CT Scan

We now offer powerful

CT Scan Diagnostic Imaging

in our Cincinnati office!

Referral Form


CT Scan Diagnostic Imaging in Cincinnati, OH

Although we predominantly use our Neusoft NeuViz 16 Multi-Slice CT machine for nasal, orbital, and central nervous system diagnostics, we are happy to use it on any aspect of the patient in order to help our community of veterinarians!

The Process for Referral CT Scans

  •  Fill out the CT Scan Referral Form.

  • Please have a complete blood count and biochemical profile performed within 30 days of the scan.

    • If you would like us to run the bloodwork the morning of the scan, we are happy to do so!

  • Have the client call us to schedule a CT scan.

    • We have the client drop the patient off at 8am and they are typically ready to go home by 12pm.

  • The day of the CT scan​

    • We perform the scan under sedation, and the scan itself takes about 15 minutes.

    • The scan is submitted to IDEXX where a board-certified radiologist will read the scan.  We typically have the report returned to us within 72 hours.

    • We will then fax/email the report to you so you can call the client and inform them how you would like to proceed with care. Therefore, we have minimal involvement in the management of the case and this allows you to direct care on any aspect of the body not related to the eye.

  • The cost for the sedation, scan, and IDEXX report is $1000. 

Case Studies


Marmalade is a six-year-old female spayed domestic longhair cat. A month prior to presentation, Marmalade was treated for an upper respiratory infection that did not resolve. Over the past two weeks, her left eye seemed to be swelling.


CT Results:

The left nasal cavity is filled with a markedly contrast enhancing mass filling the mid and caudal nasal cavity, causing osteolysis of the left orbital plate and extending into the left orbit as a broad-based contrast enhancing mass. The mass extends across the caudal bony nasal septum as a contrast enhancing lesion within the causal right nasal cavity. The mass causes osteolysis of the bilateral ventral cribriform plate extending intracranially as a broad-based extra-axial mass. The intracranial mass causes marked mass effect, midline shift to the right with intra-axial perilesional hypodensity consistent with edema.

CT Scan


Butters is a 7-year-old neutered male domestic shorthair cat that presented for facial nerve paralysis of his right eye. Butters was previously seen by a neurologist who prescribed a course of Baytril, Clavamox, Clindaymcin, and Prednisolone with no improvement.


CT Results:

There is what appears to be an infectious etiology associated with the right tympanic bulla and horizontal ear canal extending into the regional soft tissues. It is possible that this is a neoplastic lesion or neoplasm with abscess. Biopsy and culture are recommended for definitive diagnosis. The lesion is associated with the right tympanic bulla surrounding the stylomastoid foramen and is likely affecting the facial nerve.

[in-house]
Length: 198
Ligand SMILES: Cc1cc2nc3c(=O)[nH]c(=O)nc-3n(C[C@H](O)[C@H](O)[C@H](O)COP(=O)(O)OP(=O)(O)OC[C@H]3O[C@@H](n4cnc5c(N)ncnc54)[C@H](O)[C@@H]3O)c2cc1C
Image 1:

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Spec is a 9-month-old male neutered Border Collie that presented with severe mucoid discharge from the right eye. He has been treated with topical neopolydex and oral cephalexin with no improvement. Initially, Spec was sedated and a nasolacrimal irrigation was performed. Purulent discharge was irrigated from the nasolacrimal duct.


CT Results:

There is bone expansion of the right nasolacrimal duct with communication between the focal dilation and the nasolacrimal injection. A prior infection in this region with expansile lysis is possible to account for the size. A ruptured nasolacrimal cyst could also account for the communication of the contrast material with this focal dilation.

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Rory is an 11-year-old Boxer that presented for acute blindness. He was initially prescribed prednisone, which helped him see, but then he went blind again shortly thereafter. An electroretinogram was initially performed which showed normal retinal activity.

CT Results:

The left mid and caudal nasal cavity has a ventral, heterogeneously contrast-enhancing soft tissue density mass. The rostral extent of the mass is within the left ventral nasal cavity. The mass fills the left choana and the majority of the left maxillary recess. The mass bulges into the rostral left nasopharynx. The mass causes left orbital plate osteolysis. The mass causes extensive osteolysis of the left and bilateral ventral cribriform plate and extensive osteolysis of the pre-sphenoid bone. The mass has intracranial extension as a peripherally contrast-enhancing, centrally poorly contrast-enhancing mass affecting the bilateral olfactory lobes and ventral frontal lobes extending to the presumed level of the optic chiasm and causing widening and patchy osteolysis of the bilateral optic canals.

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Skylar is an 8-year-old female spayed Pitbull that presented with decreased vision and dilated pupils for the past month. Skylar initially was prescribed prednisone which showed no improvement. An electroretinogram was performed which showed normal retinal activity.


CT Results:

There is a moderately contrast medium enhancing mass in the ventral cranial cavity, for which the primary differential is a meningioma. The Shape and slightly rostral location are less typical of a pituitary macroadenoma, but this cannot be entirely ruled out. A granuloma and intra-axial neoplasm are less likely. Secondary extra-axial compression of the hypothalamus and presumably, the optic chiasm, is evident and worse on the right. This lesion is considered to be responsible for the patient’s blindness. There is no evidence of foraminal/orbital extension.

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